Recently my grandmother decided to move from the house she’s lived in since 1964 into a fancy new senior living facility. Because of the drastic size difference in living space, some furniture items became available. Sadly, while the Mazda3 does have reasonable storage space for a small hatchback, it is insufficient for hauling several book cases so an alternative plan had to be hatched. My father came to the rescue with his newly acquired 2010 Chevrolet Express van.
In its seven year lifespan it has travelled 134,000 miles and was the work van of a local heating and ventilation company – with its on-board air-compressor still in tact. When the truck was ordered, I don’t think many option boxes were checked. The windows go up and down via a lever on the door panel that moves in a circular fashion. The doors lock individually via a strange device known to elders as a “key”! This fabeled “key” looks like a small fob with a strangle metal protrusion. It is this part that is inserted into a hole on the door or the steering column and then turned in order to operate the door locks or the vehicles ignition! Strange stuff! On the steering wheel is nothing but the horn button and the radio does not accept any input types other than “FM” and “AM”. While it was graciously ordered with windows on the rear doors, they’re usefulness was then ruined by the addition of a large metal divider with little holes that significantly impair rearward visibility. A backup camera and a blind-spot monitoring system would make the job of driving easier, but since they weren’t present, nor were they even a passing fancy in the world of cargo vans in 2010, you’ll have to make due with just the enormous side mirrors and sticking your head out the window looking backwards and wishing you had the neck movement of the common owl.
So, it’s not well equipped by normal car standards, but it does have a 6-speed automatic and a V8 engine. And for all the amenities my Mazda3 may have, it certainly doesn’t come with a gas powered air compressor, standing room, or a towing capacity.
I know, I know, zero percent of the world give a rats ass how a cargo van drives. The people that don’t need a cargo van aren’t really shopping for such a thing and the people that do need them are going to fill them with so many tools and other equipment they couldn’t drive well even if they were built by Lotus. Despite all of that however, I’m going to tell you anyway!
You see, it goes something like this: asking this vehicle to do anything aside from “Hold this.” Is going to be met with resistance. Acceleration from a stand still is met with a large hesitation as all the parts realign themselves and eventually allow the ample power from the V8 to reach the rear tires. Acceleration while on the go is met with a large hesitation as the transmission attempts to decide whether it can reach the speed you’ve requested without having to go through the effort of downshifting. Braking unsettles the suspension in such a way that makes you hope you’ll never have to do it with gusto, though while they do require more effort to operate than a sports car, they did feel capable of bringing me to a stop. How can I describe the handling? Well, I was concerned that when I got back into the Mazda I would end up in the ditch at the first sign of steering input.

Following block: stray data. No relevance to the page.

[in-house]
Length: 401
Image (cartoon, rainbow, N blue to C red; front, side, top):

I should probably explain that. You see, in a normal car you move the wheel in small increments. Those movements translate into a change in the car’s’ direction. In a van like this, you start with the measurable amount of play in the steering wheel which means you have to move the wheel a couple inches in either direction before any movement begins. And then it has to deal with a tall, wide van on fat tires and suspension designed to have a thousand pounds of tools in the back. If you treated the steering wheel of a Mazda3 in the same manner it would instantly make a 90 degree turn and you would be spending the next couple hours explaining to your insurance agent why you need a new front bumper and the undercarriage is caked in mud and grass.
To be frank, I’m being unfair to the vehicle. This was not ever meant to be fun. It’s meant to work. This is not the car the enthusiast drives. This is the car his mechanic drives when the Alfa breaks. And in that regard it’s great. First we loaded it with three cabinets, a drying rack and more camera supplies than any one person should own. The next day we loaded an entire couch into the cavernous cargo area with ease. The last day it was around it had a hutch, chairs, a bed frame, and a desk. And this was while it had a permanently mounted gas air compressor and plenty of shelving inside. And no matter what we did with it, it gave us 15mpg in return.
So, there you go. It’s designed for hauling shit but not hauling ass. And for that, it’s great, simple and I’m sure it’s reliable too!